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Friday, July 6

Bicycling During the Regency Era

Image above from: The Dandy's Perambulations, 1819, from

ON 5 April 1815, Mount Tambora in Indonesia began to grumble. A week later the volcano blew its top in a spectacular eruption that went on until July. It was the biggest eruption in recorded history, killing around 92,000 people and ejecting so much ash into the atmosphere that average global temperatures dipped by 3 °C. In the northern hemisphere 1816 became known as the year without a summer. New England had blizzards in July and crops failed. Europe was hit just as badly.

On holiday by Lake Geneva the 18-year-old Mary Shelley and her husband Percy were trapped in Lord Byron's house by constant rain. To divert his guests Byron suggested a competition to write a ghost story. The result was Mary Shelley's Frankenstein. Across the border in the German state of Baden the soaring price of oats prompted the 32-year-old Karl Drais to invent a replacement for the horse - the first bicycle.

From Histories: Brimstone and Bicycles

Jane Austen died the year a two-wheeled bicycle called the running machine was invented in 1817. Chances are she would never have mentioned such a marvelous invention as the velocipede in her novels, as one is hard pressed to recall her descriptions of ground breaking scientific advances of the Georgian and Regency eras as the steam locomotive, macadam roads, small pox vaccinations, and hot air balloons. The industrial revolution was in full swing in Great Britain by the early 19th century, and bicycles were but one byproduct of that heady, inventive time.

Karl Drais' design was made of wood (see Karl in the picture above,) and boasted a seat and handle bars, but it came with no pedals. Nevertheless, by pushing with one's feet this invention could go as fast as 10 miles per hour. Karl's contraption was called several names, including the Draisienne and the dandy horse in England - an allusion to the fact that the dandy horses riders were mostly dapper young men with too much money on their hands. Intellectual property rights were still in their infancy and the bicycle was widely copied. Subsequently, Drais never made a huge sum of money from his invention.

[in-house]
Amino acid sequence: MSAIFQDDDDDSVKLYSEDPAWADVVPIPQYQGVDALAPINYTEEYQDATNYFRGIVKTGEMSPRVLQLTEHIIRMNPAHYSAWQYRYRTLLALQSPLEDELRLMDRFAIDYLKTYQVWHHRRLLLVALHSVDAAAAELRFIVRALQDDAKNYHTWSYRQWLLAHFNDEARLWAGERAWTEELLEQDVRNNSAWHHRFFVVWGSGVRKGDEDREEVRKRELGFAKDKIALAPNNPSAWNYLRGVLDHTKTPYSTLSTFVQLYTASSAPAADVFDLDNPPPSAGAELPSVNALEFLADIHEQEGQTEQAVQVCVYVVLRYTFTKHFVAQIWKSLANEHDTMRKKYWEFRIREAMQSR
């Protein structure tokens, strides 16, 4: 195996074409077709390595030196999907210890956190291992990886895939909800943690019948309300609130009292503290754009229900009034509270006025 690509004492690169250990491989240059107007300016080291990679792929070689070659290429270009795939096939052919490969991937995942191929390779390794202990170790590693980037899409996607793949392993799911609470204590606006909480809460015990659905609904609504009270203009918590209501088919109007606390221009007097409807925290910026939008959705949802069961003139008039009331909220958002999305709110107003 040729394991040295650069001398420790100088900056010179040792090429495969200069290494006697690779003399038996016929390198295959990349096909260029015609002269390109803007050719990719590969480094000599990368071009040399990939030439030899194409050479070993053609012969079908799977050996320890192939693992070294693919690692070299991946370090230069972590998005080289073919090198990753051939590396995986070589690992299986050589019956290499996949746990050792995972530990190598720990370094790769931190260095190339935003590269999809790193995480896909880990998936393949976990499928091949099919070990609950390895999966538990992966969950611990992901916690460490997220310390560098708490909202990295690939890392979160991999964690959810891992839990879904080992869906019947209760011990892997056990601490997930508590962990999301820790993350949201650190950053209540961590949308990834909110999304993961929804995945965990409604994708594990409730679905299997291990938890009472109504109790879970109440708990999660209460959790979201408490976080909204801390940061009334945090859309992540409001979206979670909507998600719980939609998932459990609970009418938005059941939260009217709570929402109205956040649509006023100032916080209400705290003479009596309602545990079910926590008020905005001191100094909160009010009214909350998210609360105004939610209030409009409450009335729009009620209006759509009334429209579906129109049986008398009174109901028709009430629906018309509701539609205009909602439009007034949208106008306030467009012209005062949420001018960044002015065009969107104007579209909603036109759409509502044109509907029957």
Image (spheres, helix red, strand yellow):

Only two years after the bicycle was invented, an unknown gentleman wrote the delightfully droll The Dandy's Perambulations. (Click on the link at the top of this post to read it.)

Read more about the beginning of the bicycle in the following links:


JAladynLanc said...

Would Mr Darcy have ridden a bicycle? Could Lizzie have coaxed him into it? Or laughed at him when he tumbled?

Hasenauer said...

Great post!

It's funny how we tend to think of bicycles as more Victorian or Edwardian than Georgian, even though they were.

Bicycles always make me think of A Room with a View and those great Sherlock Holmes adaptations from the 80s with Jeremy Brett.

Really interesting, nice one!

Icha said...

Me, I remember that sequel of Princess Diary when Princess Mia's lover rode an old style bicycle (the one with the front wheel much larger than the back wheel); that was soo hilarious!

I don't like that guy so much... but the scene made me bent-double laughing.